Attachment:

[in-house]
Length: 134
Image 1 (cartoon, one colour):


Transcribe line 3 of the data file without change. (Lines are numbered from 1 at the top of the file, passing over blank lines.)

Image 1 (cartoon, one colour):